Benefiting from the Experiences of Others
In its December 28, 2010 message the House of Justice reminds us that “[w]hile the friends in a cluster might well benefit from the experience of those who have already established the necessary pattern of action, it is only through continued action, reflection and consultation on their part that they will learn to read their own reality, see their own possibilities, make use of their own resources, and respond to the exigencies of large-scale expansion and consolidation to come.”
Keeping this guidance in mind, we feel compelled to share some highlights from the report of an American believer who recently visited Colombia, which examines how the Bahá’í community in that country is learning to meet the requirements of sustained-large scale expansion. The report shows that the cluster agencies there are using an array of approaches to engage the Bahá’ís in the process of community building in diverse settings.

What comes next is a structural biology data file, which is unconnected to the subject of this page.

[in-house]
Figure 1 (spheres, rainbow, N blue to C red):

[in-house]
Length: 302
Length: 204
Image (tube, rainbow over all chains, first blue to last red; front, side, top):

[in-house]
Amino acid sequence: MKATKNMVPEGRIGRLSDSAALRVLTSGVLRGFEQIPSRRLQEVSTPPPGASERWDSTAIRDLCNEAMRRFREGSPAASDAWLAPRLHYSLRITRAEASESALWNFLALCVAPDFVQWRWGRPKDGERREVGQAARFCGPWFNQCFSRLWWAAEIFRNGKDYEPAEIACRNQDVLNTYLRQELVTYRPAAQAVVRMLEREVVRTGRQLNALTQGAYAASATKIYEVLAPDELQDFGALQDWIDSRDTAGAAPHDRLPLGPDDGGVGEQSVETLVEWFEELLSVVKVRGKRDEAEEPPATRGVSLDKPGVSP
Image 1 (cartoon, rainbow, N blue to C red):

During her visit, the believer participated in planning meetings for 3 different clusters, a home visit with a new believer, a meeting with a cluster institute coordinator and her assistants, a neighborhood children’s class, a tutor gathering, a book 2 study circle, a junior youth group, and a reflection gathering. There are some common practices highlighted in the report that contribute to unity of thought, consistency of action, and a dedication to learning at the cluster level. And those are qualities that every Bahá’í effort should have. The report is brimming with observations, which we’ll share over the coming weeks. Stay tuned for the first post from this report, next.